Building the future

Article by Robert Thicknesse

“We’re always looking for new ways of providing entertainment for our audiences and, at the same time, promoting the careers of the young singers for whom OHP is such an important stepping-stone.  And we’re fantastically grateful to Christine Collins, whose generosity has made this programme possible.”

I’m talking to producer James Clutton about a new scheme that sees the light of day this summer, a matinée performance of the Zanetto and Gianni Schicchi double-bill featuring, in Schicchi’s dozen or so minor roles, some young singers making their OHP debuts in named roles, and conducted by Matthew Waldren, last year’s chorus master and conductor of Fantastic Mr Fox.  And rather than having simply an ad-hoc arrangement, OHP has formalised the project as an emerging artists’ programme of the sort that exists in national opera houses.

Christine Collins is the founder donor for the scheme, hence the Christine Collins Young Artists’ Scheme.  Christine began her large-scale sponsorship of OHP by supporting the chorus in four operas in 2011.

“I had been an Ambassador and wanted to get involved with the chorus because the young people who audition find it very difficult to dovetail it in with their other work.  It would allow them to audition without losing a day’s pay.”

So when the idea of a Young Artists’ scheme arose, James Clutton and Mike Volpe felt Christine was the right person to approach.  Christine readily agreed.  “My involvement is twofold.  It gives emerging artists an opportunity to sing in front of an audience.  To my mind this is even more important than being able to audition as nerves can play a huge part in any performance.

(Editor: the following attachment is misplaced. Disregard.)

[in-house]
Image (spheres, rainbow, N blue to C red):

“Secondly, because the performance will be a matinée, it will enable people who find getting to and from an evening performance difficult a chance to enjoy the surroundings of OHP in daylight and still be home for supper.  There are many elderly people who find the whole idea of travelling back late in the evening an absolute trial.  This scheme will promote OHP in many ways, not least the fact that it will be affordable, will give singers exposure to a live audience and help those in the community who love opera to attend in a more relaxed way.”

James Clutton continues: “We’ll have Alan Opie performing the title role at the matinée, as he does in the evening performances, but the other roles will be sung by our Young Artists, with Matt conducting.  This gives them the chance to sing in a performance that isn’t second-string in any way.  They will have their own rehearsals and language coach, stage management and répétiteur – all a part of psychologically preparing to be a principal singer.  It will be the same production as in the evening, directed by Martin Lloyd-Evans, but this cast will be rehearsed in their own space by Martin’s assistant Oliver Platt, who worked on Fantastic Mr Fox.”

Lauretta – Schicchi’s daughter, who gets to sing ‘O mio babbino caro’ – will be sung by Christina Petrou, who last year sang in the chorus.  Other singers appearing will include Maud Miller, whom Clutton thought outstanding when she appeared in Shadwell Opera’s performance of Albert Herring in the park last summer, and Laura Woods, who sang the small role of Giovanna in Rigoletto and has, for two years, sung the role of Agnes in Fantastic Mr Fox.  “It’s a big test for them, of course, but dealing with pressure is a big part of what being an opera singer is,” says Clutton; “and it’s a great opportunity and experience too, to prove that they can perform to a thoroughly professional level to what I hope will be a full house.”